When a close ally of Donald Trump stepped down from his role at the US health department this week, it blew the lid open on simmering tensions between the president’s political operatives and public health officials in charge of the country’s coronavirus response.
Michael Caputo announced on Wednesday he was standing aside as head of communications at the department for two months, after coming under fire for a Facebook live session he hosted on Sunday, in which he accused scientists at the US Centers for Disease Control and Prevention of being part of a criminal conspiracy to undermine the president and help his Democratic rival Joe Biden.
Mr Caputo, a staunch ally of Mr Trump, said he was taking the leave of absence while he underwent “necessary screenings” for an unspecified lymphatic condition that he blamed for putting him under stress.
However, several senior officials told the Financial Times that Mr Caputo’s video outburst and subsequent stepping aside were just the most visible signs of how relations between Mr Trump’s political appointees and his administration’s career scientists have deteriorated as the election approaches.
With less than 50 days until the election, the president has hit the campaign trail more regularly, and is keen to reassure his supporters that the threat of the disease — one of his main political vulnerabilities — is subsiding. This has sparked a fresh round of arguments in Washington, where his allies in government wants to ensure official public policy reflects his optimistic stance.
“It is chaos right now,” said one career civil servant at a top public health agency. “It seems that with the election coming up, Trump’s people are desperate to make sure the government response tallies with what he is telling voters about Covid-19, rather than what the situation is.”
Another said: “Tensions are worse now than they have been for a while. They will not let the scientists speak freely. They are trying to police everything we do and say.”
Ashish Jha, professor of global health at Harvard University, said: “It is undoubtedly clear that meddling by Trump appointees has got much worse recently. The pandemic is going badly, but the president is desperate to put it behind him, and the public health agencies are not fully co-operating.”
Mr Trump clashed with the US scientific community from the beginning of the pandemic, openly disagreeing with his own government officials over how serious the virus was, how it should be treated and how many tests were needed.
The president gave a glimpse of those tensions on Wednesday night, when he publicly rebuked Robert Redfield, the head of the CDC, for comments Dr Redfield had made earlier in the day.
Dr Redfield had told members of the Senate health committee he thought a vaccine would not be in wide circulation until late 2021, adding that a mask might prove more beneficial for fighting the virus than an immunisation. Hours later, Mr Trump — who has insisted a vaccine will be widely available this year — said of one of his most senior scientific officials: “I think perhaps he made a mistake.”
Officials say this was merely the latest in a recent series of attempts by Mr Trump and his appointees to undermine public health officials.
Last month Alex Azar, the health secretary, announced that laboratory-developed coronavirus tests would no longer need to be approved by the Food and Drug Administration, which the department oversees. Officials within the FDA told the FT that Mr Azar made this decision despite concerns from Stephen Hahn, FDA director, who feared that inaccurate tests could flood the market.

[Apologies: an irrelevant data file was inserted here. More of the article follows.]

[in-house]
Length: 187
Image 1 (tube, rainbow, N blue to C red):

“Alex Azar is desperate to make sure he does not get the blame for there not being enough tests,” said one ally of Dr Hahn.
The health department did not respond to a request to comment.
But while Mr Azar has been keen to make sure enough tests are being manufactured, his department has also been accused of leaning on the CDC to make sure that fewer people seek them out.
The CDC changed its guidelines on testing last month to recommend that people who had been exposed to the virus but did not have symptoms did not need a test. The agency then referred all queries about that decision back to the health department, its parent organisation.
Insiders said they believe Mr Azar was trying to help reduce the number of tests carried out in order to comply with Mr Trump’s stated wish to have fewer tests as a way to bring down the official case count.
The health department has also clashed with scientists at the CDC over the organisation’s regular scientific reports, known as Morbidity and Mortality Weekly Reports. Political appointees have been trying to change parts of these reports since the early summer, when the CDC began warning about a worrying surge in cases, according to people inside the agency.
Dr Redfield defended the scientific integrity of those reports on Wednesday, insisting he would not allow them to be compromised “under my watch”. But he also admitted he had been “deeply saddened” by Mr Caputo’s outspoken attack on his staff.
Several government scientists told the FT the biggest problem has been heavy handed interference by communications officials such as Mr Caputo who do not want senior officials to speak freely to the media.
Emails obtained last week by Politico show Paul Alexander, a health professor hired as an adviser by Mr Caputo, instructing officials on how Anthony Fauci, the director of the National Institute of Allergy and Infectious Diseases, should answer media questions. The health department on Wednesday announced that Mr Alexander was leaving.
An official at another health agency said that Mr Alexander’s attempt to collar Dr Fauci was typical of the approach of Mr Caputo and those around him.
“They want to muzzle us,” the person said. “They know that the greatest power we have is the ability to speak directly to the public and tell them the truth about coronavirus.”